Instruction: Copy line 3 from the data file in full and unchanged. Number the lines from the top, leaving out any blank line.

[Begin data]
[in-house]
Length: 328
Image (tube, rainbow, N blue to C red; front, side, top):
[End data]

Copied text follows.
Image (tube, rainbow, N blue to C red; front, side, top):